Lecture in the C-STAR series, delivered by Maya Henry, PhD, CCC-SLP (University of Texas at Austin) at the University of South Carolina on February 27th, 2020.
Dr Henry’s Aphasia Research and Treatment Lab:
Title: Finding words: Speech-language intervention in primary progressive aphasia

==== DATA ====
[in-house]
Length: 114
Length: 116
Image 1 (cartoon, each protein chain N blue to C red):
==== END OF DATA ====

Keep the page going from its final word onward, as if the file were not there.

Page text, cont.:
Abstract: Speech-language impairment may be a prominent or primary feature of neurodegenerative disease (Gorno-Tempini et al., 2011). Although many studies document the benefits of behavioral intervention for aphasia caused by stroke, there is a relative paucity of research examining the benefits of treatment for patients with progressive aphasia (primary progressive aphasia (PPA) or language-prominent Alzheimer’s disease/MCI). I will present findings from several studies (Henry et al., 2018; 2019; Dial et al., 2019; Grasso et al., 2017) as well as additional data documenting the immediate and long-term benefits of treatment for speech and language in PPA and language-prominent AD/MCI. In addition to restitutive interventions, I will discuss interventions focused on compensatory adaptations such as augmentative and alternative communication and communication partner training. Results to-date document robust treatment effects immediately post-treatment, as well as maintenance of gains for the majority of participants, many up to one-year post-treatment. Generalization to untrained targets and tasks was observed for many participants, but was more pronounced for some clinical variants and treatment types. Neuroimaging data indicate that treatment-induced recovery of function is mediated by relatively spared regions within language and memory networks as well as language network homologues in the right hemisphere. Taken together, these findings offer compelling evidence in support of speech-language intervention for patients with PPA and other language-prominent dementia syndromes.